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How Do I Report Nursing Home Abuse?

When your loved one lives in a nursing home, it can be excruciating to see him or her receive substandard care. In some cases, the situation becomes dire enough that you need to report the nursing home abuse to someone who can help address it. If you suspect your loved one has been injured as a result of nursing home abuse or neglect, contact Harrell & Harrell, P.A., at 904-251-1111 or 800-251-1111 right away. In the meantime, here are some of the issues to consider and reporting steps you can take.

how to report nursing home abuse

Nursing Home Neglect Versus Abuse

The National Council of Aging reports that elder abuse overall—including seniors both in and outside of nursing homes—is significant in the United States. The council’s statistics indicate that one in 10 Americans aged 60 and up have experienced elder abuse, with figures being potentially as high as five million people annually.

Unfortunately, the study also shows that only one out of every 14 cases of elder abuse is reported to authorities. This may be because cases of abuse can be difficult to identify, sometimes because loved ones can’t visit the nursing facility to check in as often as they’d like. It may also be because the patient is unable to communicate what’s happening, whether that’s due to memory issues or physical limitations.

There are numerous types of elder abuse, ranging from actual physical abuse to emotional, sexual, financial abuse, and more. Some of these types may be easier to identify than others: You may, for example, notice your parent or loved one is regularly exhibiting suspicious-looking bruises, but you may not know that when you aren’t around, your parent is being isolated.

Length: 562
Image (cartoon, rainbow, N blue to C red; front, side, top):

There is a spectrum of inappropriate situations that can exist when someone lives in a nursing home, ranging from neglect to abuse. Nursing home neglect is a breach of duty that can result in patient harm; with nursing home abuse, the implication is that the person or people involved actually intend to create harm. It can be challenging for a layperson to determine where the substandard treatment rests on this spectrum.

Last year, we created an in-depth post about types of nursing home neglect and red flags that can indicate their presence. They range from unsanitary living conditions and personal hygiene concerns, to worries about the nursing home staff itself and more. No two situations are exactly alike, although they tend to fall into four broad categories: medical neglect, neglect of basic needs, personal hygiene neglect, and/or social or emotional neglect.

If the treatment of your loved one has reached the point where serious action needs to be taken, we invite you to talk to one of our expert nursing home abuse lawyers. If you want more guidance on steps you might consider first, please read on.

Reporting Nursing Home Abuse